Yesterday, I attended a ceremony to award a US Army Bronze Star with “V” device. The V stands for Valor and means the award was given for Acts of Heroism, specifically in combat. This award was a little different though. It was James McCormick’s third Bronze Star, but was given for something he did in Iraq in 2004.
James was surrounded by friends and family for the ceremony and his son held his hand as Brigadier General David Buckalew, Director, Joint Staff, WV National Guard pinned on the medal. I watched his face during the presentation and I could tell discussing that day in Iraq brought back memories of day when he used his gun truck to defend a supply convoy against a violent attack from the enemy.
James graduated from Winfield High School in 1986 and immediately joined the Army as a Cavalry Scout for the 24th Infantry Division. He served in Desert Storm in 1991 where he earned his first Bronze Star. After two enlistments, James left the Army to earn his Bachelors Degree from West Virginia State College (now University) and later returned to the Army where he received a direct commission as a Second Lieutenant. In 2004, he deployed to Iraq for Operation Iraqi Freedom. James ended up being recruited to a new company called the 518th Combat Gun Truck Company, where he served as the Executive Officer. Their job was protecting convoys from ambush attacks. Some of the worst fighting of the early part of the war was on the roads in and around Baghdad International Airport and the 518th never lost a vehicle to the enemy. His actions earned him two Bronze Stars with V Device and three purple hearts.
The 518th took the name The Regulators, after a deputized group of men in the Old West who fought in the Lincoln County war, and spawned the likes of Billy the Kid. They created a new doctrine of convoy support, based on what their predecessors in Vietnam created.
When James left Iraq in 2005, he hadn’t received the final Bronze Star, but he said they told him “Don’t worry about it. We’ll take care of it.” Better late than never, the army got his fouled paperwork straightened out and sent James the award…or they were going to until others learned that his Bronze Star with “V” device was coming in the mail. James’ friends decided a true hero needed to be honored for his service.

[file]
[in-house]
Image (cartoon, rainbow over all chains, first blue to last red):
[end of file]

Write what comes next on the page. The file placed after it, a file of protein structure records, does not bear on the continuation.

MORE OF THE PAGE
US Senator Joe Manchin, Maj. Gen. Allen E. Tackett (Ret.) and Hershel “Woody” Williams, the only surviving West Virginia Medal of Honor recipient and the last surviving MOH recipient from Iwo Jima all spoke about James’ honor and bravery. Maj. Gen. James A. Hoyer was unable to attend, but sent additional recognition with Buckalew.
The Bronze Star with V Device citation reads:
For heroism in ground operations against a hostile force. Second Lieutenant McCormick distinguished himself by exceptionally valorous actions on 7 April 2004 while performing dual assignments as the Convoy Security Commander and Gunner providing security for the 1487 Transportation Company during Operation Iraqi Freedom II. Second Lieutenant McCormick quickly maneuvered his M99 Gun Truck into position providing protection while engaging and destroying the enemy. Second Lieutenant McCormick suffered an injury to his left hand but continued to fight and protect the convoy until the entire element was remove from the kill-zone. His commitment to duty is in keeping with the highest standards of military traditions and reflects distinct credit upon himself, the Coalition Force Land Component Command and the United States Army.
James retired from the Army as a Captain and is now the director of the WV Warrior Farmers Project, working to help veterans become farmers, support themselves and quite likely find some of the peace many of them lost on the battlefield. James arrived at the courthouse for the presentation ceremony wearing bib overalls and carrying his suit. He had just come from the farm where they were working with honey bees he is helping to teach veterans to raise.
I’m proud to know men like James McCormick and Woody Williams. Their days of fighting are long behind both of them, but they both still fight for veterans and their country.
Maybe this is the harder fight.